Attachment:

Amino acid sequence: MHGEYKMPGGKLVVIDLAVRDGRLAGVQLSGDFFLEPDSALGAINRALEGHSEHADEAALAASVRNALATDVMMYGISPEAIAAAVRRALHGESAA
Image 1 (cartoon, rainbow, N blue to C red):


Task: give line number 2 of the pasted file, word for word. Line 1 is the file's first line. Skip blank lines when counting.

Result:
Image 1 (cartoon, rainbow, N blue to C red):